Nutrients play major roles as far as the various bodily functions are concerned. Some bodily functions which are important for human survival hinge entirely on the kind of nutrients that one consumes. For example, nutrients are important for the provision of energy, growth, cell reproduction helping the body to heal itself among other bodily functions (Mahoney et al. 2016). For these bodily functions and more, macronutrients play some of the most important roles. In this paper, I will describe all the major macronutrient categories, highlight the role played by each, and explain how knowledge of macronutrients is likely to help in my future training endeavors.

Macronutrients constitute that class of nutrients which are required by the body in large quantities in order to provide the energy needed by the human body to keep body functions going and also carry out activities of daily life. Macronutrients are essentially classified into three classes namely proteins, fats and carbohydrates. The main role of macronutrients in the body is energy production. The first class of macronutrients are the carbohydrates made up of carbon, hydrogen and oxygen. Compared to other macronutrients, the human body needs carbohydrates in the largest amounts. For energy production, carbohydrates are the most preferable source of caloric intake and the reason behind this is that they are easily metabolized and as such, they are the body’s main source of fuel (Moore, 2015). Carbohydrates play an important role in performance, the most important role, because of their simple nature which makes them easily metabolized. For this reason, all tissues in the body have an inherent ability to synthesize the simple carbohydrate glucose to produce energy. Therefore, carbohydrates play the most important role as far as performance is concerned.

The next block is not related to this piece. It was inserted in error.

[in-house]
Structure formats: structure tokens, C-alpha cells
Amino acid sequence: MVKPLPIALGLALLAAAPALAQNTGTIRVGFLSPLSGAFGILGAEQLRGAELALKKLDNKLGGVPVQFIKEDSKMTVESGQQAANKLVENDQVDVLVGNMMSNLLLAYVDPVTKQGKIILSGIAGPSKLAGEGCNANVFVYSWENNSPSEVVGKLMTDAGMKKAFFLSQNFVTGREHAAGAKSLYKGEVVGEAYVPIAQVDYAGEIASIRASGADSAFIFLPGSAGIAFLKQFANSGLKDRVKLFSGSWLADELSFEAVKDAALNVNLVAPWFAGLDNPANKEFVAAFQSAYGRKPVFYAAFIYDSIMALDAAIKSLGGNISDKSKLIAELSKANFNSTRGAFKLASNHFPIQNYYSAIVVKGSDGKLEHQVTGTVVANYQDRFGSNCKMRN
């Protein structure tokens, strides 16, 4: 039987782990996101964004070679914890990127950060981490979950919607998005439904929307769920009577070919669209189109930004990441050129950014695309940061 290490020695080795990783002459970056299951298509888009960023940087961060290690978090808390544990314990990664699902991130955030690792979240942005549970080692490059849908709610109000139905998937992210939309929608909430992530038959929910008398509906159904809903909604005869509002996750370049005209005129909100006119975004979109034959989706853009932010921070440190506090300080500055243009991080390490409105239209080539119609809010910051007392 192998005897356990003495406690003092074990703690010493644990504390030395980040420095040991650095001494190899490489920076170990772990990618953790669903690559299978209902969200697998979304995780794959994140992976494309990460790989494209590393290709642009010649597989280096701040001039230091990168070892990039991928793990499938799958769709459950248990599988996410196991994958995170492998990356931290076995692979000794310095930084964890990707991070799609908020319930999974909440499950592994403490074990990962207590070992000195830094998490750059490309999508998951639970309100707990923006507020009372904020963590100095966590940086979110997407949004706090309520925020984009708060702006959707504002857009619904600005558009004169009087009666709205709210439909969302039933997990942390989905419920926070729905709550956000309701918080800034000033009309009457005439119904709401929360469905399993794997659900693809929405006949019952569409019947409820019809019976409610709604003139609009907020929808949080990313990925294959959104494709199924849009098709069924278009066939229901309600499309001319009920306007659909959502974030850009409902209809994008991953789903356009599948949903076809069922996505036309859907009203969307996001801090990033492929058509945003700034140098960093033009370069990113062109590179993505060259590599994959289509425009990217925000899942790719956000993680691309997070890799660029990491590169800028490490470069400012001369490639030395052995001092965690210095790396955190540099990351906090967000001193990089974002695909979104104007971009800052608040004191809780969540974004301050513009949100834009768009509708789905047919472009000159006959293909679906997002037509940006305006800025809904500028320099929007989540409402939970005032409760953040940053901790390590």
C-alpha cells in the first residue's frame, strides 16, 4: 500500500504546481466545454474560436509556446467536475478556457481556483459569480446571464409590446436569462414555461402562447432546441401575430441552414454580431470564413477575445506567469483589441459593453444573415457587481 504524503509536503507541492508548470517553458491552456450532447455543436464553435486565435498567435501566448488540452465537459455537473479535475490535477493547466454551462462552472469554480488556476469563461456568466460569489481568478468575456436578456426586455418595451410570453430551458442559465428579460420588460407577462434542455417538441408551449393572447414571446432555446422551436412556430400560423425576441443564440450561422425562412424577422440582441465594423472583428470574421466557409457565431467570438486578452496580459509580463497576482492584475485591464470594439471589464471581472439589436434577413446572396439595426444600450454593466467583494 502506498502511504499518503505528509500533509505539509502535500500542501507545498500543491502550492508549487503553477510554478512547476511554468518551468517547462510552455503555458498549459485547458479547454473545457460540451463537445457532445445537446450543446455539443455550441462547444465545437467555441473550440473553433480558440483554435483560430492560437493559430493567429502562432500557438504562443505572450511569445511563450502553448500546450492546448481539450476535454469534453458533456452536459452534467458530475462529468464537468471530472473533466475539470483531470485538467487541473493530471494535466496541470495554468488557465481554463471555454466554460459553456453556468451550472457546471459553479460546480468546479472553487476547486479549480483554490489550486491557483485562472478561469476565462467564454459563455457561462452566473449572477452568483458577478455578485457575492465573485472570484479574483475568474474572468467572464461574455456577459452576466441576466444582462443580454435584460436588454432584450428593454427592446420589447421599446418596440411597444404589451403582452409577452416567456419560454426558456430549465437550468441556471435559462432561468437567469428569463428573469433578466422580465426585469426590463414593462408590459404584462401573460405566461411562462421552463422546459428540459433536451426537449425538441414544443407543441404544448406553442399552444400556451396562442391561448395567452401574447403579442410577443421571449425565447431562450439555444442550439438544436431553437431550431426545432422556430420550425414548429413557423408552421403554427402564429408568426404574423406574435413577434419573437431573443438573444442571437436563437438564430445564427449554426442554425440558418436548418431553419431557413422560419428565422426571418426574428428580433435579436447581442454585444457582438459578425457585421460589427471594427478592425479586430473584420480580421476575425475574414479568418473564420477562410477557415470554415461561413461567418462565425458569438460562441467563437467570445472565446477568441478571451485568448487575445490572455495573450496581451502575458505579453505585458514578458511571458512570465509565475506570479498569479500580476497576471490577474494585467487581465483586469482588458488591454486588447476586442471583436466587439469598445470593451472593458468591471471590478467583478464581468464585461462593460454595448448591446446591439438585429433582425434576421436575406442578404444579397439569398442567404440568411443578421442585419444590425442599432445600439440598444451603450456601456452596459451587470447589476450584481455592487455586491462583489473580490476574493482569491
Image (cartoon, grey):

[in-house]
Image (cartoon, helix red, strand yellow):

All kinds of carbohydrates are recommended because they contribute meaningfully to the various bodily functions. For example, simple carbohydrates like glucose are very important for energy production while indigestible forms of carbohydrates such as fiber are important for digestion. The intake of both simple and complex carbohydrates is recommended because as discussed above, they are the body’s main source of energy and aid in energy production. In addition to this, I would also recommend the intake of fiber which is an indigestible type of carbohydrate for its role in digestion.

Proteins on the other hand are known as the building blocks of the body (Solon-Biet et al. 2015). Experts recommend that about ten to thirty five percent of calories in the human diet come from proteins. The role of proteins in energy production is secondary because of their nature. This implies that other functions of proteins in the body take precedence before energy production despite the fact that proteins provide the body with four calories for every gram. Therefore, even though proteins can also be used for energy production, this role is secondary in that it is a backup source of energy. On the other hand however, proteins play a major role in performance. This is seen in cases where endurance and strength athletes take in more proteins compared to individuals not involved in such rigorous activities (Mahoney et al. 2016). Proteins act as a backup source of energy while at the same time replenishing the body’s worn out cells and tissues.